Best Rotation in Decades: Nats on Pace for 100 Wins?

The Nationals were arguably the best team in the National League, if not the whole major leagues, in 2014, when they won 96 games on their way to comfortably winning the NL East. Their pitching was superb, producing an ERA of 3.03, which was the lowest. They had 3 rotation men with an ERA of fewer than 3, including the #4, Tanner Roark, going 15-10 with a 2.85 ERA. The rest of the rotation consisted of Jordan Zimmermann, strikeout specialist Stephen Strasburg, veteran left-hander Gio Gonzalez, and former Tiger Doug Fister. Unfortunately though, it wasn’t good enough to overcome the Nats’ lack of playoff experience, as they lost in the first round to the eventual WS champs, the Giants (who had great pitching too).

Doug Fister, according to multiple reports, will again be teammates with the former Cy Young winner, Max Scherzer. Yes that’s right, the Nationals out of the blue (or should it be red) signed the ace pitcher to a 7-year $210 million deal (average of $30 million/year). Just take a breath for a minute and look at this rotation for what they did in 2014:


  1. Max Scherzer (18-5, 3.15 ERA, 2.85 FIP, 252 K’s)
  2. Jordan Zimmermann (14-5, 2.66 ERA, 1.072 WHIP, 5 complete games, no-hitter)
  3. Stephen Strasburg (14-11, 3.14 ERA, 10.1 K/9, led the league in K’s)
  4. Doug Fister (16-6, 2.41 ERA, 1.079 WHIP)
  5. Tanner Roark (15-10, 2.85 ERA, held opponents to a .231 batting average)
  6. Gio Gonzalez (10-10, 3.02 FIP)


Sure Max Scherzer has been one of the top aces in the majors the last few years, but that is not the most valuable asset he has to bring to DC. What is most significant about this 7-year deal is that it makes Max the automatic #1, which puts aside the confusion and in-team battle for the top rotation spot previously fought for between Strasburg and Zimmermann. The depth and talent of this new Nationals rotation could very well become one of the best in past decades.

Assuming the Nat starters perform in the neighborhood of the 1971 Baltimore Orioles rotation (the numbers state that they can), the Nats should have a legitimate chance at winning 100 games in 2015. But there is still a good chunk of time left until the start of the 2015 campaign, in which there are still a couple small things on the shopping list for Washington. Because of the trade with the A’s that sent Tyler Clippard packing, the Nats only have three top line relievers now, so that is one issue that needs to be addressed. The other area in which needs help, is the depth of Washington’s everyday players, as their lineup is great, but there are not a lot of options off the bench. Those are just the small problems that the team has to deal with, but as far as other road blocks, the NL East is by the way, going to be a whole lot tougher in 2015, with the Marlins and Mets building up their new-look army.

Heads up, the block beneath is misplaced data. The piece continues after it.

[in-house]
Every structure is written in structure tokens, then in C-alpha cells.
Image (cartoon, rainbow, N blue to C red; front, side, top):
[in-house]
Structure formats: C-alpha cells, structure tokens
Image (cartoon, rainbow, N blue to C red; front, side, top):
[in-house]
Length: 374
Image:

While Washington leans heavily on their starting rotation and the health of the batting lineup, they will have to look to the 2014 manager of the year, Matt Williams, to help them repeat as NL East champs. But with Scherzer signing as a National, the WS odds may very well be in favor of the 2014 NL East champs. Staying healthy and filling the last minute offseason holes, will be key to a possible 100-win season in 2015 for the men in DC.


2 Replies to “Best Rotation in Decades: Nats on Pace for 100 Wins?”

  1. The Nats indeed have a great prospective staff going into 2015. In fact, they may be even better collectively on the field in 2015 than 2014 given Scherzer moving to the NL and Stephen Strasburg due to breakout based on his positive trends late in 2014 and resolution of some mechanical issues affecting his command. It sounds cliche but the Nats will go as far as the offense takes them especially Bryce Harper. As the Giants have proven time and gain recently, the modern game in the playoffs is won with bullpen, defense, and a lack of mistakes. The Nats pen is still a question mark and in those grueling, tight games in October, the Nats will need offense – hence Bryce Harper. He was fearless under the bright lights in 2014 and his confidence and brash style seem to be the “Q” factor the Nats need to push to the next level. Rendon and Zimmerman clearly highly effective performers but not necessarily guys that can lift the whole club as Harper can. In sum – Nats have the talent, but do they have the fire and confidence to win it all.

    • They just recently added Casey Jansen and have a good closer in Drew Storen, so that is a good one-two punch. The Nats also have Jerry Blevins and Matt Thorton in the pen, so all should be good, and it seems like Matt Williams knows how to manage the pen. As far as offense, Harper does need to stay healthy to make an impact, but even without him Washington has Jayson Werth (always very productive), Anthony Rendon (finished 5th in MVP voting), Denard Span (batted over .300 in 2014), Ian Desmond (20+ homer, 90+ RBI power), and Ryan Zimmerman (should bounce back to his all-star form). So, the only question is weather or not the Nats can get over the emotional obstacle of the playoffs and win the Fall Classic.

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